Sastri spent the major portion of his life in the city of Tanjore in the seventeenth and eighteenth centuries, under the rule of the Telugu Nayakas and the western Indian Marathas, Tanjore was an important cultural centre and the site of a great flowering of literature, drama, dance, music and other arts. The literature that was developing in Tanjore at this point in time highlighted the heterogeneous world of South India in the eighteenth century, a time of heightened social and cultural changes inspired by encounters among peoples of various ethnicities, including Europeans.
Vedanayaka Sastri's career as a literary figure was shaped by his unique position in the development of the Tamil Protestant church in Tanjore at an important time in its history. Although he was a major agent of the Halle missionaries in the dissemination of European learning and was familiar with English, he mostly devoted his time to to writing, performing and expounding original Tamil works. While he wrote several prose tracts and pamphlets in Tamil, and even a Tamil textbook of arithmetic, his major works were in poetic, literary and musical genres. These included short poems which put together doctrinal material for the use of catechists, religious poetry for children to recite, poems for Tamil Evangelical festivals and family occasions, and more than 500 devotional hymns. The hymns were written mainly for use in personal worship, but some of them were composed in the Raagas (melodic type) and Talas (beat pattern) of classical South Indian Carnatic music. In several of his works he incorporated material and ideas from European scientific systems, especially mathematics, astronomy, geography, anatomy and natural history. Congregations of that time greatly appreciated the poet's public performances of his works.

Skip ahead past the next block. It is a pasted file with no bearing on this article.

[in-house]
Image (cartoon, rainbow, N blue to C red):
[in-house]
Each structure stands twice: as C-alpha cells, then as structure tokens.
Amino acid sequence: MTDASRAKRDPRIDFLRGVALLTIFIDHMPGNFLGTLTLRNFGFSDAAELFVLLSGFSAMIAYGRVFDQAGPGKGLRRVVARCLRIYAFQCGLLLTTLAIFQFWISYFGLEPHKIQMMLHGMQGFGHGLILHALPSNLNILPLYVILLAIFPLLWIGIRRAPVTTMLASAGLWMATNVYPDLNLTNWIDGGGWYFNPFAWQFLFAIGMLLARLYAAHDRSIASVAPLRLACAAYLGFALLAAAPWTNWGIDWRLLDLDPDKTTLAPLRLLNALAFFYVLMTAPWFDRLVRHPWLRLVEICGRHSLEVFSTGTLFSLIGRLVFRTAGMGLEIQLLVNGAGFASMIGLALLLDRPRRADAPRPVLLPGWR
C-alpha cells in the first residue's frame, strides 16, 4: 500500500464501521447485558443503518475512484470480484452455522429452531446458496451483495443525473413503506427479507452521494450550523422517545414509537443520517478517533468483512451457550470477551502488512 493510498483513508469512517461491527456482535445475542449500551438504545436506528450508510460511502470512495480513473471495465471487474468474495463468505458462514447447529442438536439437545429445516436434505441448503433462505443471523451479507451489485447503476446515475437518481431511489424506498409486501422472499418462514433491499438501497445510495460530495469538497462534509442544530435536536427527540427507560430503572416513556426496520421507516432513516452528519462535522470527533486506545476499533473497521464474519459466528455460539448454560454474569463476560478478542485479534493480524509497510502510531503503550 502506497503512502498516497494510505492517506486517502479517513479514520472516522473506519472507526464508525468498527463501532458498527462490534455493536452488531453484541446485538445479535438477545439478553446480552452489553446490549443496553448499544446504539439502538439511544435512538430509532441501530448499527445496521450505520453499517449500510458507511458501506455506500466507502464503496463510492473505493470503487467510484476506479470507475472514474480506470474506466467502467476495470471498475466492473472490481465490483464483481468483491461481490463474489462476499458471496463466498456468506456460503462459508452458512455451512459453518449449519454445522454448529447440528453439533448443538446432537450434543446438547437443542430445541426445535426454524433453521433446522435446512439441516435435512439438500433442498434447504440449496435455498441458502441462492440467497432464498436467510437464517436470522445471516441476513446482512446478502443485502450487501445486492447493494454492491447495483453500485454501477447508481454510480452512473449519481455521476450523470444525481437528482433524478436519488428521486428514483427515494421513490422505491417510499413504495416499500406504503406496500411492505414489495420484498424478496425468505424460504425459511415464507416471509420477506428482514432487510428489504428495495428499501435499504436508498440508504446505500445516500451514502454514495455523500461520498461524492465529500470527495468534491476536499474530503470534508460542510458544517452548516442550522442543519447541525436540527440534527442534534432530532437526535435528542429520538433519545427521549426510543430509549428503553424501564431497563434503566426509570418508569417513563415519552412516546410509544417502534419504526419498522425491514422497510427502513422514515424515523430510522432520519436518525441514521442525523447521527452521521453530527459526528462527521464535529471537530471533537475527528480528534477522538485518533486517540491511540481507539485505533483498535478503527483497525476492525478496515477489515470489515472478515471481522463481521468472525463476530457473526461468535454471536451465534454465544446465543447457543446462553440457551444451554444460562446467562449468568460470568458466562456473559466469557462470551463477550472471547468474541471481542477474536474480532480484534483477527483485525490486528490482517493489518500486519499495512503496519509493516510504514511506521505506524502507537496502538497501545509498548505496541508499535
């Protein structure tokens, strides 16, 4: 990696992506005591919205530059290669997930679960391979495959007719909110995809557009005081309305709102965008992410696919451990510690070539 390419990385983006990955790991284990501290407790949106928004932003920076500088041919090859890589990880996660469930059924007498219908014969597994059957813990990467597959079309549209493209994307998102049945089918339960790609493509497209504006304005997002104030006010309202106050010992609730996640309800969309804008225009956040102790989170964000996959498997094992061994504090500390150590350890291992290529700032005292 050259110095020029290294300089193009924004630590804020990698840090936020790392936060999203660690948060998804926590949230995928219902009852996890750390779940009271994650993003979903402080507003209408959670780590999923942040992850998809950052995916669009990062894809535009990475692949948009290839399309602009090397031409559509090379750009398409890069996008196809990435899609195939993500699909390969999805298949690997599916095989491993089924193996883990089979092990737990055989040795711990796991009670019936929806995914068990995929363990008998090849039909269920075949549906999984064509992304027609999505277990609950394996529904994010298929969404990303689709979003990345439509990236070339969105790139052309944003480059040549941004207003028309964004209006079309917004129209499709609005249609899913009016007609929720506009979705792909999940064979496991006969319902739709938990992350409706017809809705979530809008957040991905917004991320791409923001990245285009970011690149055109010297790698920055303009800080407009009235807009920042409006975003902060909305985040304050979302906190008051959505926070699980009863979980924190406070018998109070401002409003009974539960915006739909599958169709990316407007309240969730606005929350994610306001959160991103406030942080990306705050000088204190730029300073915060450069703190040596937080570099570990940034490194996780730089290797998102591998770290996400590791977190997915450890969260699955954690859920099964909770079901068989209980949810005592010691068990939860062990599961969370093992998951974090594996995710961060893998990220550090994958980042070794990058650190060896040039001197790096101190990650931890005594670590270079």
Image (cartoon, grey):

The range and originality of Vedanayaka Sastri's writings were remarkable by any standard. It is for his achievement as a poet that Sastri was celebrated in his own time and continues to be remembered in Tamil literary history.